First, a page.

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Assembling the EVOp Infrastructure Yehia El-khatib, Gordon S. Blair School of Computing & Communications Lancaster University.

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Presentation on theme: "Assembling the EVOp Infrastructure Yehia El-khatib, Gordon S. Blair School of Computing & Communications Lancaster University."— Presentation transcript:

1 Assembling the EVOp Infrastructure Yehia El-khatib, Gordon S. Blair School of Computing & Communications Lancaster University

2 Outline EVOp: An introduction Assembling the infrastructure Developing the web interface Why cloud? Issues influencing cloud uptake –What could be done Summary

3 EVOp Environmental Virtual Observatory pilot. – 2 years from the start of Funded by the UK Natural Environment Research Council (NERC) to help tackle big environmental science questions through: – Enabling the integration of a variety of information sources at different granularities and scales. – Facilitating the handling of large data sets from different sources. – Providing simple access tools to increase engagement from policy makers, local communities and the general public. Focus on hydrology. Grant reference NE/I002200/1

4 EVOp: 4 main user groups Worry less about some of the repetitive tasks. Share and reuse datasets and workflows. Scientists An open decision support system. Policy Makers Explore the impact of different practices (farming, water management, etc.). Local Communities Raise awareness of current environmental issues and encourage a wider discussion. General Public

5 EVOp: 4 main user groups Scientists Policy Makers Local Communities General Public Hardware Resources Virtual Resources Models Web Services Web Interface Processes, not design.

6 Infrastructure Hybrid model where private resources are normally used, and public resources are used at times of increased load. Developed our own load balancer to manage resource usage to reduce costs while maintaining user experience. Might adjust in the future to run experimental services (e.g. tailored workflows) on private resources, and move more streamlined services (e.g. models) to run on public resources.

7 Infrastructure Public cloud: Amazon Web Services. Private cloud managed by Eucalyptus Community Cloud. – Provides an open source alternative to EC2 and S3 (similar interfaces). – However, moving between Eucalyptus and AWS is not always easy, as images need a lot of preparation beforehand. – Moreover, recent versions (1.6+) had stability issues. – Also, community support is weak. Currently testing OpenStack as an alternative, also AWS- compatible. The use of jClouds is very important to us to minimalise portability overheads (prevent being locked in to one cloud provider).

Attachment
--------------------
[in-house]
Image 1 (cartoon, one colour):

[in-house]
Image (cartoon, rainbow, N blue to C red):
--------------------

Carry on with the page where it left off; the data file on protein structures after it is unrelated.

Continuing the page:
8 Multifaceted Web Interface We cater to different user groups of varying backgrounds and experience levels. – Users (including scientists) are not IT experts, or at least would rather not be! – They do not want to tussle with compatibility issues, security restrictions, stringencies about citing/sharing, etc. Developed an intuitive user interface that is tested repeatedly with stakeholders to ensure a low entry barrier for all targeted user groups. – Easy to use (find your way around) – Easy to understand (comprehend what this offers) – Easy to relate to (tweak-ability, reproducibility, reuse, sharing)

9 Multifaceted Web Interface General interface allows users to do things like: – Learn about the risk of flooding in their local area. – Explore how different farming practices affect such risk. Authenticated government / local council officials could: – Learn about polluting nutrients diffused from different catchments. – Examine how policies would affect pollution levels at different scales. An advanced path allows scientists to compose workflows: – A workflow is a pipeline of basic execution units (executables, scripts, web services, etc.). – Done in the browser. No programming prerequisites. – Allows the sharing of workflows and datasets to promote reuse, citing and collaboration.